- Andrew Hobley(Andrew H)United Kingdom
"Half the Old and Young Guard too, Less than half of Marmont’s Men, That’s the way the campaign goes, Pop goes the musket!
Up and Down the Paris Road, In and out of Champaubert, That’s the way the campaign goes, Pop goes the musket!"
(Adapted, badly, from the nursery rhyme ‘Half a Pound of Tuppenny Rice’)
Saving the campaign for another day (it needs both maps and so I need the dining room table) I played (solo) the three battles of the Six Day Campaign. By now I think I am getting the hang of using march orders and road mode to move formations to where I want without having to depend on initiative movement. I decided to throw caution to the winds and use cards and roll for weather. I did play with hidden units, but most of the illustrations show all units revealed.
First up Champaubert - Olsufief’s isolated IX Corps hit by the French army. Olsufief decided that the forces at Baye were too exposed so pulled back to the hill between there and Champaubert. Cloud and fog slowed the French advance, VI Corps came up the road and I Cavalry crossed the stream to the east of Baye (unnamed on the map, Google suggests it is now called the Ru de Maurupt), and recrossed it on the Congy road. The result was that by 3pm the all of Olsufief’s units had been pocketed and eliminated with no French losses; Olsufief himself escaped to the east. Champaubert and Fromentièrs were taken, and Blücher’s units (which arrived as Alternative Reinforcements, but were delayed by the fog) headed back east faced with an overwhelming French force. A French Strategic Victory - which as the rules quite rightly say is the ONLY sort of victory the French can get in this scenario, any other result is a defeat.
Moving west the next day we come to Montmirail. Sacken with XI (Livien) and VI (Scherbatow) Infantry Corps and the cavalry has headed east while Yorck with part of I Corps (mostly cavalry and no supply train so out of supply once south of Soulaville) is trying to meet up at Montmirail. However one or two French are in the way. Napoleon at the start has 8 Division of VI Corps, parts of the Old and Young Guard and the Guard and I Cavalry Corps - all rather spread out (and by the time the Guard Cavalry Corps has scatted in response to the French first card, even more spread out). The Allies are badly handicapped by Sacken being the only commander, and only able to command one formation at a time.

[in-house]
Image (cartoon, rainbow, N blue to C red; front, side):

The French had thrown out a vedette screen, the Allies followed suit. In the fog and cloud both sides lost vedettes when they ran into light cavalry units, but Russian cavalry then isolated and destroyed the Guard Light cavalry unit. (The latest edition of Wargames Design on OSG's website has a revised reconnaissance table which gives vedettes meeting light cavalry a chance of survival which I shall use in future).
Napoleon occupied Marchais with his VI Corps who were then attacked by Scherbatow and the Russian VI Corps. For several hours the Russians tried to cross the stream and take the village, while Marmont’s men held them off. About 1:30 pm it looked as if the Russians would take the town, but they failed to advance and the last few defenders were relieved by the Old Guard (An exchange result eliminated the last French unit in the village, but as the Russian Corps was out of command they could not advance after combat.).
To the south Lieven’s XI Corps headed towards La Celle (attracted by the 5 VP for holding the town), but moved out of Sacken’s range and dithered around Vendières. Unfortunately for them the Old Guard and the Guarde du’Honour cavalry caught one division trying to approach Marchais from the south-east and destroyed it, demoralising the main body of VI Corps and Young Guard reinforcements came on to the south (Alternate Reinforcement entry card), took La Celle and then slowly drove Livien’s men back.
To the north, around Plénois and Bochage d’en Bas a cavalry clash between the Guard and Russian and Prussians saw several units of both sides destroyed and at one point the Guard Cavalry demoralised. Nansouty rallied his men, held the line and the Allied cavalry began to fall back.
In the centre the Young and Old Guard attacked across the stream, driving the Russians out of La Celle and then Haute Epine. Sacken began to fall back towards Fontenelle as night fell, with XI Corps isolated to the south, leaving the French with a Strategic Victory.